Christmas Devotion - Day 18

18-12-2018  |  Matthew Campbell  |  YOUTH

Matthew 2:13-16

13 Now when they had departed, behold, an angel of the Lord appeared to Joseph in a dream and said, “Rise, take the child and his mother, and flee to Egypt, and remain there until I tell you, for Herod is about to search for the child, to destroy him.” 14 And he rose and took the child and his mother by night and departed to Egypt  15 and remained there until the death of Herod. This was to fulfill what the Lord had spoken by the prophet, “Out of Egypt I called my son.” 16  Then Herod, when he saw that he had been tricked by the wise men, became furious, and he sent and killed all the male children in Bethlehem and in all that region who were two years old or under, according to the time that he had ascertained from the wise men.



Let me start this morning's devotion with a confession - I'm not a massive movie fan. I'm sorry if this offends you.


Don't get me wrong, I don't hate movies; rather, when I find myself with free time, watching movies always just seems to be low down the list of things I'd like to do. Some of you (or perhaps most of you), however, don't share my indifference towards movies. Maybe, for you, there's nothing better than the thought of getting your feet up, putting the fire on and watching your favorite film series.


However, one thing that can often convince me to watch a film is a captivating trailer. In my opinion, a good movie trailer does 2 things. Firstly, it gives you an insight into the plot of the story in just a couple of minutes. But secondly, it whets your appetite and builds anticipation for the release of the full movie.


In the Old Testament, we read of many stories. These stories, in many ways, serve as 'trailers' to the ultimate story in the Bible - God's rescue mission through Jesus Christ. One of these stories is that of Moses in the book of Exodus. Do you remember it? This man Moses is chosen by God to be the deliverer of his people in Israel. Moses was born in amazing circumstances. At that time, there was an evil ruler called Pharaoh who made a rule that all Hebrew baby boys be killed. Through God's provision, however, this new-born baby Moses was spared (You can read more about this event in Exodus 1&2).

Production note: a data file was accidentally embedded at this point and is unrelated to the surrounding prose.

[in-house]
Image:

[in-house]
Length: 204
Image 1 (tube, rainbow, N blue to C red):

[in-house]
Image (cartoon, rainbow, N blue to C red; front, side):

Some years later, after Moses had grown up, Pharaoh was still exerting and abusing his power on the throne. He had taken all of the Israelites into slavery in Egypt. God called Moses to be the man through which the people of Israel would be delivered and led to Canaan (The land God had promised to lead them to).


Now, with that brief history of Israel in your mind, read over this morning's passage once more. Can you spot any parallel's between this passage and the story of Exodus?


Here, as in Exodus, we have an evil king

Here, as in Exodus, we have the King's decree that all baby boys be murdered

Here, as in Exodus, the baby boy God had chosen would be delivered and protected

Here, as in Exodus, God calls his people to move between his land and Egypt

Here, as in Exodus, God is working in the background to bring about deliverance for his people


Do you see it? This passage in Matthew's Gospel is full of echo's from Exodus. The story of Moses in Exodus was simply a foreshadow of the greater story of the Bible. Everything God did through Moses was just a 'trailer' for what God was going to do through Christ.


The truth is, when you read about the Israelites being freed from Egyptian slavery in the Old Testament, it isn't long before they again begin to grumble, complain and, ultimately, fall back into sin and idolatry (Read the book of Numbers if you don't believe me). In fact, even Moses, the one whom God chose to lead his people in the Exodus, would himself fall into a habit of sinning, doubting and complaining.


After this deliverance in Exodus, then, we are left longing for a greater deliverance! It does what all good trailers do - it whets our appetite for something more and builds anticipation for something greater. And that is exactly what we have here in Matthew's Gospel. This deliverance would deal with man's greatest problem - not physical slavery; rather, our slavery to sin. Not only that, it would be brought about by a greater deliverer. Moses was a great man, but he was just a man. That's why even he as the appointed leader found himself falling into sinful habits. This ultimate deliverer would be the God-man, Jesus Christ. Jesus is a second and better Moses (Hebrews 3:1-6). Jesus is the ultimate deliverer!



Questions for Reflection

1) How would you sum up the parallels between Matthew 2:13-16 and the book of Exodus?

2) What does this 'echo from Exodus' in Matthew's Gospel teach you about the Bible?

3) How does the fact that Jesus is the ultimate deliverer cause you to praise him today?


Prayer for today:

Dear God, thank you for the unity of Scripture. I praise you for how you have worked throughout history and proved your faithfulness among all generations. Thank you for your Son, the Lord Jesus, who is the ultimate deliverer and brings about the ultimate deliverance which deals with my core problem of sin. May I continue to walk closely with him today as I live in light of the liberation he bought for me at the cross.